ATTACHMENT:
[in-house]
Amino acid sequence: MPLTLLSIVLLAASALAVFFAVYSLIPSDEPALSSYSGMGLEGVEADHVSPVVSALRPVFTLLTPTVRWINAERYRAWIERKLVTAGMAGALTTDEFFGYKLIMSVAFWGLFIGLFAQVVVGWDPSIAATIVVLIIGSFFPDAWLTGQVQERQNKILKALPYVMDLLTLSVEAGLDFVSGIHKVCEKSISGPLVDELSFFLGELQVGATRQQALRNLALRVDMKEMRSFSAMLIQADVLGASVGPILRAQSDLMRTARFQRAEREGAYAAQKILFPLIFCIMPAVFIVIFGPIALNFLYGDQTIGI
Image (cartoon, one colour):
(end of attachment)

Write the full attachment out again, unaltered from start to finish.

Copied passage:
[in-house]
Amino acid sequence: MPLTLLSIVLLAASALAVFFAVYSLIPSDEPALSSYSGMGLEGVEADHVSPVVSALRPVFTLLTPTVRWINAERYRAWIERKLVTAGMAGALTTDEFFGYKLIMSVAFWGLFIGLFAQVVVGWDPSIAATIVVLIIGSFFPDAWLTGQVQERQNKILKALPYVMDLLTLSVEAGLDFVSGIHKVCEKSISGPLVDELSFFLGELQVGATRQQALRNLALRVDMKEMRSFSAMLIQADVLGASVGPILRAQSDLMRTARFQRAEREGAYAAQKILFPLIFCIMPAVFIVIFGPIALNFLYGDQTIGI
Image (cartoon, one colour):